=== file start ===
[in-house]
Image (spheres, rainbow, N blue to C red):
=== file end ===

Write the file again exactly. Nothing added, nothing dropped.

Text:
[in-house]
Image (spheres, rainbow, N blue to C red):